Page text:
Hugo Kahn

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Hugo Kahn - Germany

 

Hugo Kahn - Mannheim, Germany - 1933

Hugo Kahn was born in 1915 in Horhausen, near Bonn, Germany. He had an older sister and a younger sister. The family moved to across the Rhine in 1926 to the mostly Catholic community of Heimersheim. Hugo says he experienced "very little" anti-Semitism growing up. He went to public school and even played in the Catholic soccer league with no significant problems. He thought of himself first as a German, and secondly of Jewish religion.

 

Hugo was 18 years old when Hitler came to power in 1933. He had moved to the city of Mannheim to begin his apprenticeship with a dealer of hardware and building supplies. This is when and where he experienced more anti-Semitism. Unemployment and inflation had gotten out of control, and Hitler was focusing resentment towards the Jews.

 

Hugo worked with several Nazi party members at the hardware store. Three were S.A. -- the Brownshirts, while one was college educated and belonged to the S.S. Hugo got along with all of them on a personal level, despite the fact he was not Aryan. At first all the S.S. ever seemed to do was march in parades.

 

Hugo spent a year outside of Mannheim as a journeyman. When he returned in 1934, he found things had changed. His Nazi co-workers were now practically running the place - even the owner had to check with them before he made a move. Hugo knew a woman athlete from Mannheim, one of the best in the country, who was of Jewish descent - but raised as Catholic. Suddenly she was barred from competition when her heritage was discovered. This woman, who had been bound to compete in the 1936 Olympics, now was a person without a country.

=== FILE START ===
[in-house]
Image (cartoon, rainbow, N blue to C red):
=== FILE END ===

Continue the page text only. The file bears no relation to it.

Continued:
Hugo felt his freedom was slipping away. Now one had to be Aryan to be considered a German. His family had been in Germany for four generations were now considered undesirable outsiders. He took a vacation near Ulm in the Black Forest.

 

When he returned he had decided to leave Germany. It would be simplest to gain entrance to another country in Western Europe -- Belgium, France or Holland. Somehow Hugo knew that these places would not be far enough away to escape the Nazis. He had uncles that lived in the U.S. This seemed to be the best option. His father refused to consider the idea; he had served in the German army in World War I and considered himself a patriot. He told his son not to act rashly, and said "That crazy man [Hitler] won't live forever."

 

During the winter of 1935 there was a food shortage. In Mannheim the three professional soccer teams were forced to play each other with all the gate proceeds going to feed the starving.

 

The Nazis organized all citizens into groups that undermined the family unit. Husbands, wives and children all belonged to separate organizations that encouraged them to check the loyalty of their family members -- and it was expected that they would report on them for any disloyal words or actions. It was not unheard of for children to report their parents in spite over some minor family squabble.

 

Around this time they began to hear about the first concentration camps: Dachau, outside of Munich, and Buchenwald, near Dresden - where the Nazis sent communists, gypsies, and the handicapped. Jews were not yet being targeted for these camps, although they were also classified by law as being "undesirables".

 

The S.A. co-worker advised Hugo to get out of Germany before the Olympics. He knew that something was being planned for them after the world's attention was lifted from the Games. It turned out to be precious advice. The first crackdown on the Jews came after the Olympics, in Fall of 1936.